Any ideas what these marks are?

Discussion in 'Color: Film, Paper, and Chemistry' started by rossawilson1, Dec 27, 2008.

  1. rossawilson1

    rossawilson1 Member

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    Ignore the blue cast. Look at the ghost like marks. Processing fault of mine again? They are the last frames on a 120 roll, all other frames are fine.

    Thanks guys.
     

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  2. Sirius Glass

    Sirius Glass Subscriber

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    What type of camera? Does it have interchangeable backs?

    It looks like a light leak, but more information is needed.

    Steve
     
  3. rossawilson1

    rossawilson1 Member

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    Hi Steve, it is a contax 645. All the other frames were fine though, however the film was a rewind from a yashica matt.
     
  4. Christopher Walrath

    Christopher Walrath Member

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    Which camera were these exposures made on? And were they made on a tripod with longer shutter speeds? Could be light leaking in from the viewfinder. But definitely wreaks of light leak.
     
  5. rossawilson1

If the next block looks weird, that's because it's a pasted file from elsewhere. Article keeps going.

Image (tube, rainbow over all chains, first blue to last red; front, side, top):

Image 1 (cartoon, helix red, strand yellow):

rossawilson1 Member

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    Okay, thought it might be, several oppertunities for that to have happened during unloading and spoiling of film.. Just if it was developing problem I'd have been really stumpped and afraid to develop more.

    Thanks.
     
  6. Philippe-Georges

    Philippe-Georges Member

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    It might be caused by the overexposed part of the upper frame. The light that came almost directly in to the frame caused that kind of in-camera reflection, one also can see it on the left side, over the text. The sunlight cane in by the 3/4 right side (see the shadows) and was reflected by the subject, perhaps the window, directly into the lens. In the frame it self, the scattering of the light can be seen as a triangular shaped white spot in the fence and over the shadow-mark of the tree.
    And there is always a little reflection inside the film-holder, just enough to cause a problem on an other frame.
    This is what I suppose might be the problem, I hope it helps.

    Good luck in 2009,

    Philippe
     
  7. AgX

    AgX Member

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    I do not share this view.
    There are two artefacts in two frames, though this does not necessarily exclude partially overexposure during both exposures. Though the center seems to be in the upper frame.
    I am not sure whether a partial overexposure of any kind could lead to such a sharp edge in the upper frame. Moreover, a spill-over in the frame below would not start with such a sharp edge within the dividing rebate. But between the two artefacts seems to be a stripe of shadow with rather parallel lines, dividing that artefact, in case one considers both as part of one.

    Thus, in case this artefact is due to exposure, it can hardly originate from one of the intended exposures.